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Re: [xhr] statusText is underdefined

From: Glenn Adams <glenn@skynav.com>
Date: Wed, 28 Mar 2012 01:48:54 -0600
Message-ID: <CACQ=j+dndNXHxzyREWVDYAkng6t4FraMFJt4OwsgReeXTSEweQ@mail.gmail.com>
To: Julian Reschke <julian.reschke@gmx.de>
Cc: Boris Zbarsky <bzbarsky@mit.edu>, public-webapps@w3.org
On Wed, Mar 28, 2012 at 1:33 AM, Julian Reschke <julian.reschke@gmx.de>wrote:

> On 2012-03-28 00:35, Glenn Adams wrote:
>
>>
>> On Tue, Mar 27, 2012 at 4:17 PM, Boris Zbarsky <bzbarsky@mit.edu
>> <mailto:bzbarsky@mit.edu>> wrote:
>>
>>    On 3/27/12 2:46 PM, Glenn Adams wrote:
>>
>>        Is this really a problem?
>>
>>
>>    Yes.  We've run into bug reports in the past of sites sending some
>>    pretty random bytes in the HTTP status text, then reading
>>    .statusText from script.  If we want interop here, we need to define
>>    the conversion.
>>
>>
>>        HTTP defines the form and encoding of the status text
>>
>>
>>    Except it doesn't, last I checked.  Has that changed?
>>
>>
>> RFC2616 states (on pages :
>>
>> Fielding, et al. Standards Track [Page 39]
>>
>>    Status-Line = HTTP-Version SP Status-Code SP Reason-Phrase CRLF
>>
>> Fielding, et al. Standards Track [Page 40]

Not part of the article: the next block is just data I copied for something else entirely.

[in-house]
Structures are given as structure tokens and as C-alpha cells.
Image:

>>
>>    Reason-Phrase  = *<TEXT, excluding CR, LF>
>>
>> Fielding, et al. Standards Track [Page 15]
>>
>>    The TEXT rule is only used for descriptive field contents and values
>>    that are not intended to be interpreted by the message parser. Words
>>    of *TEXT MAY contain characters from character sets other than ISO-
>>    8859-1 [22] only when encoded according to the rules of RFC 2047
>>    [14].
>>
>>        TEXT           =<any OCTET except CTLs,
>>                         but including LWS>
>>
>> This makes it pretty clear that Reason Phrase must use ISO-8859-1
>> (Latin1) unless it uses the encoded-word extension from RFC2047. If the
>> latter is used, then a charset must be designated.
>>
>> Given this, I don't see any spec bug (though there may be implementation
>> bugs in case the client side does not correctly implement the above HTTP
>> requirements).
>>
>
> It's time to stop citing RFC 2616. Please have a look at <
> http://greenbytes.de/tech/**webdav/draft-ietf-httpbis-p2-**
> semantics-19.html#rfc.section.**4<http://greenbytes.de/tech/webdav/draft-ietf-httpbis-p2-semantics-19.html#rfc.section.4>
> >.
>

Since 2616 is published and HTTPbis is not, I will go on citing it.


> Summary: HTTPbis does not attempt to define the character encoding
> anymore; if you use anything other than US-ASCII, you are on your own. RFC
> 2047 encoding never was used in practice, and has been removed.
>
> The right thing to do is the same as for header field values: use a
> US-ASCII compatible encoding that is most likely to work, and which is
> non-lossy, so a UTF-8 field value *can* be retrieved when needed.
>
> That encoding is ISO-8859-1.
>

I'm not sure what you mean by citing ISO-8859-1 and UTF-8 in the same
context. Please elaborate.


> (And HTTPBis doesn't talk about this because it defines octets on the
> wire, not an API).
>

If HTTPbis doesn't define the character encoding of bytes on the wire when
serializing reason status, then it leaves much to be desired.
Received on Wednesday, 28 March 2012 07:49:45 GMT

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